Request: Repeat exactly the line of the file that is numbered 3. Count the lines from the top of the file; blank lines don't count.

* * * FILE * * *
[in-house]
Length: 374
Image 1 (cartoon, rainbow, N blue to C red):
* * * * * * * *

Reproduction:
Image 1 (cartoon, rainbow, N blue to C red):